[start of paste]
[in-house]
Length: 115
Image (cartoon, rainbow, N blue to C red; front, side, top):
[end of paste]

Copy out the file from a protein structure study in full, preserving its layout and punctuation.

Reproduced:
[in-house]
Length: 115
Image (cartoon, rainbow, N blue to C red; front, side, top):